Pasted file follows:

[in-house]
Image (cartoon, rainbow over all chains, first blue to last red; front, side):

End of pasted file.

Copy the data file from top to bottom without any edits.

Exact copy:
[in-house]
Image (cartoon, rainbow over all chains, first blue to last red; front, side):